Russia’s death toll in the Ukraine war now stands at more than 46,000, the Ukrainian military said in a new update on Friday. Ukraine’s armed forces provide regular daily updates on Russia’s casualties and its losses of military equipment. Western officials estimate the Russian death toll to be even higher, between 70,000 and 80,000. However, the Kremlin, which tells its people the war is just a “special operation” has still only acknowledged 1,351 Russian deaths in its last update from March.
Even as his side continues to experience heavy losses, Putin appears delusional about how his troops are faring in Ukraine, according to a leading military expert.
Speaking to Express.co.uk, Dr John Callahan said: “The Russians live in World War 2. They live in the great patriotic war. They talk about how their efforts succeeded and how awesome that was.
“To be fair, the UK lives there too a little bit, or at least they did, maybe over the last 10 or 20 years.”
He added: “But the Russians, unlike the Brits, have weaponised World War 2 and used it in their propaganda.
“The thing is, that leaves them very vulnerable because it goes back to this whole manpower thing.
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“The Russians will tell you that their manpower won World War 2, and everybody else on earth will tell you that the US and UK, specifically destroying the German economy so that they could not actually supply their troops anymore, won World War 2.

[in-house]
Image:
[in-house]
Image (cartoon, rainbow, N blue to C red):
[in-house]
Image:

“My point is that just having blood to spend is not good enough. And shovelling more bodies in is not good enough.”
Dr Callahan of New England College in the US is a former diplomat and US State Department official.
Now working as a military adviser, he has analysed the war for Express.co.uk and the propaganda Russia has used.
He said: “A lot of the things that we see that we think are clumsy attempts at propaganda directed at us, well it looks clumsy, because it wasn’t directed at us.
This week BBC News interviewed the mother of 24-year-old Russian soldier Yevgeny Chubarina.
The inexperienced conscript was handed a gun, sent to Ukraine and was killed with days.
Nina Chubarina, who lives in northern Russia, blasted Russia’s recruitment of her son and other inexperienced young men to make up for its heavy losses in the conflict.
She said: “I tried to talk him out of it. I cried. I said, ‘There’s a war, you’ll be killed!’ He said, ‘Mum, everything will be fine.’
“They just send them in like dumb little chickens! They’d hardly even held a gun before.
“They’re cannon fodder. The generals think, ‘We’ve got a volunteer: great, in you go!'”